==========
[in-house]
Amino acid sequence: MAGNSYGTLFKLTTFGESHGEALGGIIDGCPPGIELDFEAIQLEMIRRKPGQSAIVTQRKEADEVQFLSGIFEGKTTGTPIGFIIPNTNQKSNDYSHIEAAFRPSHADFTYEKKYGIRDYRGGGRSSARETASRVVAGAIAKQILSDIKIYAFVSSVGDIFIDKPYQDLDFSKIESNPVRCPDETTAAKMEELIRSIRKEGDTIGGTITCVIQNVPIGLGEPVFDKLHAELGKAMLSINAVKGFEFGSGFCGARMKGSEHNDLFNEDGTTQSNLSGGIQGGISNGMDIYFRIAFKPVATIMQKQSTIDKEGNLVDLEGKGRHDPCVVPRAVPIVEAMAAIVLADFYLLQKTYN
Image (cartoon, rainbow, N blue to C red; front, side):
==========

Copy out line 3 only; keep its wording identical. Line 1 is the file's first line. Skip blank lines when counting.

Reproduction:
Image (cartoon, rainbow, N blue to C red; front, side):